3) Don't make the Iraq question a make-or-break one for allies. The Bush administration's "with us or against us" approach is the correct one in dealing with the war on terrorism. But no one who supports the current action against Iraq should be so blind as to believe that there are no valid grounds on which to stake out an opposing point of view. The best diplomacy the Bush administration could conduct for the current situation is to politely agree to disagree with our allies. Stress that on the big issues, we share a common social purpose with our allies, and that disputes like this will hopefully be few and far between. This is how countries stay allies even when they don't always see eye to eye.

Cellucci's speech, combined with other examples of U.S. pressure applied against close allies such as Mexico or Turkey, suggests that the Bush administration is not following this diplomatic approach. They're applying the same "with us or against us" strategy for Iraq as well. Now, whatever the size of our coalition, there are significant countries that disagree with us on Iraq but wish to cooperate with us on other affairs of state. Beyond Canada, I'd include Germany, Russia, China, India, and most of the Western hemisphere on this list. Tactics like Cellucci's speech will backfire with these countries.

Just to be clear -- I have no love for the Chrétien government, and Cellucci is correct to say that a lot of Americans are upset at Canadian displays of anti-Americanism. But our diplomats are making empty threats and copying Donald Rumsfeld's technique of publicly disparaging close allies. This diplomatic injury is entirely self-inflicted.

This kind of aggravation we don't need.

UPDATE: The Globe and Mail's follow-up story makes it clear that the White House vetted Cellucci's speech:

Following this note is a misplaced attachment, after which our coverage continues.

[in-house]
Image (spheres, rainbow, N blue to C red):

"Despite Liberal government assurances that the Bush administration had accepted the Canadian decision gracefully, U.S. officials say Mr. Bush and his advisers are furious, not only with the decision to stay out of the battle but also with what they say is the anti-American rhetoric that Prime Minister Jean Chrétien has tolerated.

Sources said national security adviser Condoleezza Rice consulted Mr. Cellucci about the message he was to deliver at a breakfast speech on Tuesday in Toronto.

'This came right from the top,' one U.S. official said.

When Mr. Chrétien announced the Canadian position, Liberal ministers had assured the Bush team that, while Canada would not participate in the war, it also would not criticize the U.S. and British effort in Iraq.

However, American officials noted that Mr. Chrétien quickly characterized the war as 'unjustified' and then failed to condemn Natural Resources Minister Herb Dhaliwal, who called Mr. Bush a 'failed statesman.'"

It would have been better if Cellucci had only cited these specific examples, and had omitted the vague and empty threat of retaliation.

posted by Dan on 03.26.03 at 01:57 PM